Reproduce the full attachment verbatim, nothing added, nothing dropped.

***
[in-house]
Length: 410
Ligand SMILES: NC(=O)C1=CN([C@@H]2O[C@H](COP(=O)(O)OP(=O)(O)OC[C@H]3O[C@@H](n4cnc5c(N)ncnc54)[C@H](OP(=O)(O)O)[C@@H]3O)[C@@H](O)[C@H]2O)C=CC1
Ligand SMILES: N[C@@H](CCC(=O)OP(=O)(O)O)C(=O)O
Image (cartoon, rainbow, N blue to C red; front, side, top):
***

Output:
[in-house]
Length: 410
Ligand SMILES: NC(=O)C1=CN([C@@H]2O[C@H](COP(=O)(O)OP(=O)(O)OC[C@H]3O[C@@H](n4cnc5c(N)ncnc54)[C@H](OP(=O)(O)O)[C@@H]3O)[C@@H](O)[C@H]2O)C=CC1
Ligand SMILES: N[C@@H](CCC(=O)OP(=O)(O)O)C(=O)O
Image (cartoon, rainbow, N blue to C red; front, side, top):